When the 2013 Baseball Hall of Fame candidates were announced, premium gasoline was thrown onto an already fiery debate as to whether Barry Bonds, Roger Clemens or Sammy Sosa, the poster children of baseball’s steroid era, are worthy of joining the greats of the game.
Early on January 9th, the baseball nation will know if diamond immortality has come to this tainted trio.
The sports world has flipped the calendar to 2013. Without some amazing set of circumstances, players in the big four sports will most likely run afoul of the testing protocols put in place by their teams, league offices and governing bodies.
Major League Baseball is the most scrutinized of all the leagues for their drug testing programs. We know the real and imagined back stories of PEDs (Performance Enhancing Drugs) that started in 1998 during the “Home Run War” between Sammy Sosa and Mark McGwire.
How do leagues find out who is cheating?
What are the basics of the tests?
How and when are the players tested?
What are the penalties?
I thought it might make some sense to go through the major sports and outline the basics of the drug testing protocols.
MAJOR LEAGUE BASEBALL
in 2012, Oakland A’s Pitching veteran Bartolo Colon and 2012 All-Star Game MVP Melky Cabrera received 50 game suspensions for the use of FAST (Fast Acting Synthetic Testosterone).
In the spring of 2006 an agreement between the Major League Baseball Players Association (MLBPA) and the Treatment Office of the Commissioner's office was negotiated. This started the Joint Drug Prevention and Treatment agreement which set the standards for testing and setting penalties for the use of PEDs in MLB.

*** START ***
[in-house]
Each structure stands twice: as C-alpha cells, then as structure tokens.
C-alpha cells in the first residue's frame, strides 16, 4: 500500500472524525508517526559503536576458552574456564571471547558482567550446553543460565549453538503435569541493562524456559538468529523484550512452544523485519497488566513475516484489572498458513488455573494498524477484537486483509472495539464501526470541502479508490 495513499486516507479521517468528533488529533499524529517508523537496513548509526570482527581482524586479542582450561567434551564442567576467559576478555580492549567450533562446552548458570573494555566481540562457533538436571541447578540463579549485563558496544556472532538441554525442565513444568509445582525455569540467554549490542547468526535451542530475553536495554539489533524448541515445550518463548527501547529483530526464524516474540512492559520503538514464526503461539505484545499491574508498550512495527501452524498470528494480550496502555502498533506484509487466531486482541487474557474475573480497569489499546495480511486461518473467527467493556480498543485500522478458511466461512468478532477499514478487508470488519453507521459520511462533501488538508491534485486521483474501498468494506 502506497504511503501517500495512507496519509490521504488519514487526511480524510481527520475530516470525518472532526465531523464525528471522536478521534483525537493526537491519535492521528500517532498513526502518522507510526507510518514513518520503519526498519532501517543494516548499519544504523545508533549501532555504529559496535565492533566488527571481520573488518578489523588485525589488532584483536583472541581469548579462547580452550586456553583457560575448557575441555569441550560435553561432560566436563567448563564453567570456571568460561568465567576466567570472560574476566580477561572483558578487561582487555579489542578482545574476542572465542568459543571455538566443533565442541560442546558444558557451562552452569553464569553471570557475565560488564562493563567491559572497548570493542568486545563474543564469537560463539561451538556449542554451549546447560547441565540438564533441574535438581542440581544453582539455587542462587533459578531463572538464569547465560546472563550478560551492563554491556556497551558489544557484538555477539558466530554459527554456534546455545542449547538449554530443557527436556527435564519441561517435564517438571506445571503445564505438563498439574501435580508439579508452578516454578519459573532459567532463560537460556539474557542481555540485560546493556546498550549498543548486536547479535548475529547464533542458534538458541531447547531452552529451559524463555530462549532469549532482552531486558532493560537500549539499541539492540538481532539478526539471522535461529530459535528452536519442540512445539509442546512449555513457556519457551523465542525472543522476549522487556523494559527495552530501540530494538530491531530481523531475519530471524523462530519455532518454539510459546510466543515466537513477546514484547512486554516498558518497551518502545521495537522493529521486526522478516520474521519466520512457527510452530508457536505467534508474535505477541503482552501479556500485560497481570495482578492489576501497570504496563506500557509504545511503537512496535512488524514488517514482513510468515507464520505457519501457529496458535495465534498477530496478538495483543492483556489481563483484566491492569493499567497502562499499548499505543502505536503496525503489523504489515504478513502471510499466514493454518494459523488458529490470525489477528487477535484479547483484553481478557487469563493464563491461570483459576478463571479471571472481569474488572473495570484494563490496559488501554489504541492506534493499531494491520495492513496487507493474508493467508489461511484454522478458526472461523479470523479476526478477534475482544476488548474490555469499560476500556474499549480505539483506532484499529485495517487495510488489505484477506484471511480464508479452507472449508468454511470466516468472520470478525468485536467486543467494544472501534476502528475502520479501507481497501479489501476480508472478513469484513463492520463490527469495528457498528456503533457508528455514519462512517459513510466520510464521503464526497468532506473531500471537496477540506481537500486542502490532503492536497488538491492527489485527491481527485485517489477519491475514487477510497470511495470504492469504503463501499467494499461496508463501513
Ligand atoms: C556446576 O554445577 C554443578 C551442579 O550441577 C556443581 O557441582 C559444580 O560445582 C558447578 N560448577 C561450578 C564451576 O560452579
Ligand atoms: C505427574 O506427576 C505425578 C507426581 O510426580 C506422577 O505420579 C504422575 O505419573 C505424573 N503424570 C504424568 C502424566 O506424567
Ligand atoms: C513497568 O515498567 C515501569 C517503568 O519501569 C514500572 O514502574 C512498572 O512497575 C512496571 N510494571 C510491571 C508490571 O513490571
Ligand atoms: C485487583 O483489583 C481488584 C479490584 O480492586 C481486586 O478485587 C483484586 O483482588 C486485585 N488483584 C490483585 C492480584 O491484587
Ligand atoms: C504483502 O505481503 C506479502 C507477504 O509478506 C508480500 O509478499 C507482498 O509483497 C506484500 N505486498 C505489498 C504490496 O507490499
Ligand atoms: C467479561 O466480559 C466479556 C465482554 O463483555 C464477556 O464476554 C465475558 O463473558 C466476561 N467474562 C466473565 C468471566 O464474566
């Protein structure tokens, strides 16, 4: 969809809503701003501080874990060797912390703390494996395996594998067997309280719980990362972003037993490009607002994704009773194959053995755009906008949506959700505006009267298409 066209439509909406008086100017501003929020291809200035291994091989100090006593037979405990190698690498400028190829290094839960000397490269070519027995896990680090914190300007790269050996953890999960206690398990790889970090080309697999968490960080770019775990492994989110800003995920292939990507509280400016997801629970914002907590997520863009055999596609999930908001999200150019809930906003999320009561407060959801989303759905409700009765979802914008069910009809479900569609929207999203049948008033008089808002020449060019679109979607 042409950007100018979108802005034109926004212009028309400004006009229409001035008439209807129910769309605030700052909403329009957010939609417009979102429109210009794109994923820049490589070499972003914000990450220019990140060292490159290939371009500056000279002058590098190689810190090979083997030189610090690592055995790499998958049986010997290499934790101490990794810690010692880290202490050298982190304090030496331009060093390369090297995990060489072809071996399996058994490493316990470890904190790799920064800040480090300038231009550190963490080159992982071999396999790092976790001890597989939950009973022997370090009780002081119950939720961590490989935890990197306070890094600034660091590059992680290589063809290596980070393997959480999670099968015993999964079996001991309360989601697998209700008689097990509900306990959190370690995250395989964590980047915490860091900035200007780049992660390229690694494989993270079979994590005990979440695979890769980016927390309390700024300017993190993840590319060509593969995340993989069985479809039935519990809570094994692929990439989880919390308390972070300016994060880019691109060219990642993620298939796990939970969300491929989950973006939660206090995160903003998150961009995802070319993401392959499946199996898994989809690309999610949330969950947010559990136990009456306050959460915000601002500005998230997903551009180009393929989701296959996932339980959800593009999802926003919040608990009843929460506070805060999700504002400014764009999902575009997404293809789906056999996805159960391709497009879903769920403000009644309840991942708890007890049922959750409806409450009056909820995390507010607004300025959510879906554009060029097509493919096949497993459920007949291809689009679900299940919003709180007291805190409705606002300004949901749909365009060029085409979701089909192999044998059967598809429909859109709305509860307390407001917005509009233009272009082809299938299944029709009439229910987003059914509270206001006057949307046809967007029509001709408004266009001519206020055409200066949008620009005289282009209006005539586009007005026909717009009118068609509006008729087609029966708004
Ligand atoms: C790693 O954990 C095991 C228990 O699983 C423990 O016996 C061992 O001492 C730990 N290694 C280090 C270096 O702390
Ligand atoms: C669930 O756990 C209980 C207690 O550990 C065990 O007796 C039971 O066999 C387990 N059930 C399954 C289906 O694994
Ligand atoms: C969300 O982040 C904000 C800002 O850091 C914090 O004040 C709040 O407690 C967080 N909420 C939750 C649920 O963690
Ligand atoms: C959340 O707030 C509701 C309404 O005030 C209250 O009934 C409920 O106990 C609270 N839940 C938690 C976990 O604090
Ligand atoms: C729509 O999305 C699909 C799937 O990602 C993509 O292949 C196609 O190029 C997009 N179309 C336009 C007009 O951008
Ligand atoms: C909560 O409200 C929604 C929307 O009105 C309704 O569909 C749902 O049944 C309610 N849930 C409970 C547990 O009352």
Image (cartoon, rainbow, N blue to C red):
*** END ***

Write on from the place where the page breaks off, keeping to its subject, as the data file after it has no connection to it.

All major league players can be tested for PEDS which include steroids, stimulants and other listed drugs under the Joint Drug Prevention and Treatment Program. Major League managers, coaches and other clubhouse personnel can be tested. This testing began in 2008 based on recommendations from the Mitchell Report. The tests are administered by Independent Private Administrators (IPA). The IPAS test for over three consecutive years and penalties are meted out by the commissioner.
Up until last November, player testing for steroids and drugs of abuse were administered by urine testing. Now the MLBPA and MLB have agreed to blood testing to root out those taking HGH (human growth hormone). These tests can take place between spring training and the end of the season but penalties can cross over to the following season.
This testing is not done on a random basis unless there is reasonable cause. The IPAs vote and if they believe there is enough evidence, they must administer the test within 48 hours following the vote.
The list of banned substances includes 70 types of steroids, 50 types of stimulants. The “Drugs of Abuse” are:
THC, Hashish and Marijuana.
Synthetic THC & Cannabimimetics.
Opiates: Heroin, Morphine, Oxycodone & Codeine.
The suspected player must come to the collector and is then given an hour where he can drink only 15 ounces of fluid presented in a sealed container given by the IPA. A player becomes “positive” when his urine meets testing criteria, fails to cooperate with IPA, or tampers/substitutes his sample.
There are three separate categories for MLB penalties:
1) Failure to comply with the treatment program
2) Positive steroid test
3) Conviction for using prohibited substances
Failure to comply with treatment programs
First noncompliance: 15-25 game suspension and or fine of $10,000.
Second incidence: 25-50 game suspension and or fine of $25,000.
Third: 50-75 game suspension and or fine of $50,000.
Fourth: One year suspension plus a $100,000 fine.
Positive Steroid testing result
First incidence: 50 game suspension
Second incidence: 100 game suspension
Third incidence: Lifetime ban
Conviction for use of prohibited substances
First: 15-30 games and or a $10,000 fine.
Second: 30-90 games and or $50,000 fine.
Third: One year suspension and $100K fine.
Fourth: Two year suspension.
Penalized players receive no pay during the term of their suspensions.
Coming in the next installment
The Drug testing environment in the three other pro leagues and the Olympics.